The Reformation (or, more fully, the Protestant Reformation; also, the European Reformation) was a schism in Western Christianity initiated by Martin Luther and continued by Huldrych Zwingli, John Calvin and other Protestant Reformers in 16th century Europe.
Resia (Resian: Resije; Rezija; Resie) is a comune (municipality) in the Province of Udine, in the Friuli-Venezia Giulia region of northern Italy.
The Resian dialect (self-designation Rozajanski langač, or lengač, rezijansko narečje, rezijanščina) is a distinct dialect of Slovene spoken in the Resia Valley, Province of Udine, Italy, close to the border with Slovenia.
In phonetics, rhotic consonants, or "R-like" sounds, are liquid consonants that are traditionally represented orthographically by symbols derived from the Greek letter rho, including r in the Latin script and p in the Cyrillic script.
Rijeka (Fiume; Reka; Sankt Veit am Flaum; see other names) is the principal seaport and the third-largest city in Croatia (after Zagreb and Split).
Romantic nationalism (also national romanticism, organic nationalism, identity nationalism) is the form of nationalism in which the state derives its political legitimacy as an organic consequence of the unity of those it governs.
A scientist is a person engaging in a systematic activity to acquire knowledge that describes and predicts the natural world.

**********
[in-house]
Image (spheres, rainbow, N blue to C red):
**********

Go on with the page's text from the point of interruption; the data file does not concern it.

Serbia (Србија / Srbija),Pannonian Rusyn: Сербия; Szerbia; Albanian and Romanian: Serbia; Slovak and Czech: Srbsko,; Сърбия.
Serbo-Croatian, also called Serbo-Croat, Serbo-Croat-Bosnian (SCB), Bosnian-Croatian-Serbian (BCS), or Bosnian-Croatian-Montenegrin-Serbian (BCMS), is a South Slavic language and the primary language of Serbia, Croatia, Bosnia and Herzegovina, and Montenegro.
Shtokavian or Štokavian (štokavski / штокавски) is the prestige dialect of the pluricentric Serbo-Croatian language, and the basis of its Bosnian, Croatian, Serbian, and Montenegrin standards.
Slavia Friulana, which means Friulian Slavia (or Beneška Slovenija in Slovenian), is a small mountainous region in northeastern Italy and it is so called because of its Slavic population which settled here in the 8th century AD.
The Slavic languages (also called Slavonic languages) are the Indo-European languages spoken by the Slavic peoples.
Slovak is an Indo-European language that belongs to the West Slavic languages (together with Czech, Polish, and Sorbian).
The Slovene alphabet (slovenska abeceda, or slovenska gajica) is an extension of the Latin script and is used in the Slovene language.